Hamas identifies itself in the Charter as “one of the wings of the Muslim Brothers in Palestine. The Muslim Brotherhood Movement is a world organization, the largest Islamic Movement in the modern era. It is characterized by a profound understanding, by precise notions and by a complete comprehensiveness of all concepts of Islam in all domains of life: views and beliefs, politics and economics, education and society, jurisprudence and rule, indoctrination and teaching, the arts and publications, the hidden and the evident, and all the other domains of life.” The Muslim Brotherhood was founded in Egypt in 1928; besides Hamas, it is also the forerunner of Al-Qaeda.
Who are the major players?
The principal figures currently include Prime Minister Ariel Sharon of Israel, the main force behind the withdrawal from Gaza; and Palestinian Authority President Mahmoud Abbas (Abu Mazen), the successor of Yasir Arafat. The Hamas leadership has been shadowy ever since Israeli forces killed Sheikh Yassin, one of the foremost leaders of the organization. Presidents Assad of Syria and Mubarak of Egypt, as well as Jordan’s King Abdullah II and Saudi Arabia’s King Abdullah, are also key players.
What role has the West played in the situation (good & bad)?
The West has been intertwined in the entire conflict since World War I. First Britain and then the United States, as well as the United Nations, have attempted on numerous occasions to negotiate a settlement acceptable to both sides. This has proved impossible because of the intransigence of the jihadist element among the Palestinian Arabs and neighboring Muslim states.
The Hamas Charter expresses it this way: “[Peace] initiatives, the so-called peaceful solutions, and the international conferences to resolve the Palestinian problem, are all contrary to the beliefs of the Islamic Resistance Movement. For renouncing any part of Palestine means renouncing part of the religion; the nationalism of the Islamic Resistance Movement is part of its faith, the movement educates its members to adhere to its principles and to raise the banner of Allah over their homeland as they fight their Jihad: ‘Allah is the all-powerful, but most people are not aware [Qur’an 12:21].’”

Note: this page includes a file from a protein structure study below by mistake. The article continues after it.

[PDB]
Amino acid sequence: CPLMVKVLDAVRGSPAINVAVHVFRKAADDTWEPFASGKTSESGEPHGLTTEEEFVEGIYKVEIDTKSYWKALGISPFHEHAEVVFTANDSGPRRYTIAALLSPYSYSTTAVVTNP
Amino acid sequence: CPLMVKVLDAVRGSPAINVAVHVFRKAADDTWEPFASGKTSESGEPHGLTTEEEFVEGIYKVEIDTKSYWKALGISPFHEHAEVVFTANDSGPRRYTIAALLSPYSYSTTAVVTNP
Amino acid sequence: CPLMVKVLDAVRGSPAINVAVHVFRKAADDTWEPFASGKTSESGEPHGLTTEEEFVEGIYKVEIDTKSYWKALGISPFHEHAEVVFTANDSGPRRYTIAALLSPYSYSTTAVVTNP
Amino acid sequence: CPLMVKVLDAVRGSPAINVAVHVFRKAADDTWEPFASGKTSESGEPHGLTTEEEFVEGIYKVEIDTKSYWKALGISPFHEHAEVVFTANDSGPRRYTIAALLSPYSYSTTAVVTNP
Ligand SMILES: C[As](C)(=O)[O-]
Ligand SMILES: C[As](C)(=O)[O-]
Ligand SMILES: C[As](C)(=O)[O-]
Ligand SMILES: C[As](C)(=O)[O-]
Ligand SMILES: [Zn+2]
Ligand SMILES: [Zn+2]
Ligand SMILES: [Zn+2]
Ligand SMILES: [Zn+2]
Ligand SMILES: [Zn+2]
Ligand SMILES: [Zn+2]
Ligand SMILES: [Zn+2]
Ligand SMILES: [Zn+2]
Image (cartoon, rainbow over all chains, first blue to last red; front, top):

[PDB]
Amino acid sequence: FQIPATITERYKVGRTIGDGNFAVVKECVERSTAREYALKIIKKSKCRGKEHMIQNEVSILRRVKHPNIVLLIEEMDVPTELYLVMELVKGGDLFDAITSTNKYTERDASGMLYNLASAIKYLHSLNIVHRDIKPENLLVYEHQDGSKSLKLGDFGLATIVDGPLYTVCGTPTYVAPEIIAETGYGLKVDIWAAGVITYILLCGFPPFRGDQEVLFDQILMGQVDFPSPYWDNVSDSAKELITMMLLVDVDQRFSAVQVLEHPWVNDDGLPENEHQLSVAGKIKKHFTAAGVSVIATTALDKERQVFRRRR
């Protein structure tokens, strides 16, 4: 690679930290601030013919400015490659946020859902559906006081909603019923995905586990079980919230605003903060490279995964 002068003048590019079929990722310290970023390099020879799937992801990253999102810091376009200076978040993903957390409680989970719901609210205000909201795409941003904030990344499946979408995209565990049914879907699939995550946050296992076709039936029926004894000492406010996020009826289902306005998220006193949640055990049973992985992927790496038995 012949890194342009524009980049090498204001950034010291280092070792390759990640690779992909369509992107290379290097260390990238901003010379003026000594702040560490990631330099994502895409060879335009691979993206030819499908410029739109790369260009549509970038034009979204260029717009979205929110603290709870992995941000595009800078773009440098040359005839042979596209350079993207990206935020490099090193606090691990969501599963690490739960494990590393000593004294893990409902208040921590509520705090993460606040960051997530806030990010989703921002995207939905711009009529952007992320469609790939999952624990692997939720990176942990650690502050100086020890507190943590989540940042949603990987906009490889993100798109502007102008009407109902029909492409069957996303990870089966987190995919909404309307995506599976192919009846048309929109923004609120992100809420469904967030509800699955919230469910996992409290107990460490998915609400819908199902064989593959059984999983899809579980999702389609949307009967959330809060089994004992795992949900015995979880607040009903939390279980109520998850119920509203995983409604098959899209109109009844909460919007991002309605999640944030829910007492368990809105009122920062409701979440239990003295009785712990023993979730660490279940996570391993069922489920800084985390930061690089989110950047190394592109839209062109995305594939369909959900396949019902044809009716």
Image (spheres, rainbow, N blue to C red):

Where do Catholics fit into all of this? Where are they today?
There was and is a significant number of Catholics among the Palestinian Arabs. Today there are around 50,000 Christian Arabs in the Palestinian Authority; most are Eastern Orthodox, while many are Roman and Eastern Catholics. Christians in general comprise less than three percent of the total Arab population — down from nearly twenty percent in 1948. Christians have seized every opportunity they could to leave the strife-ridden Middle East. To take one notorious example, Bethlehem was 80% Christian in 1948; now it is 80% Muslim. In March 2000, Pope John Paul told the Christians of Bethlehem: “Do not be afraid to preserve your Christian heritage and Christian presence in Bethlehem.”
Palestinian Christians have, according to Lebanese scholar Habib Malik, tended to fall back upon “the myth that everything was fine between Christians and Muslims until Israel came along.” Having largely identified with the Muslim majority, many of these Christians have been hostile to Israel; however, the Islamic supremacism of the Muslims is no more welcoming to them than it is to the Jews. Also, belying the claims of many (including some Christian Arabs) that Israel has made life more difficult for Christians than the neighboring Arab states, the Christian population in Israel has actually quadrupled since 1948, while it has plummeted in the Arab nations.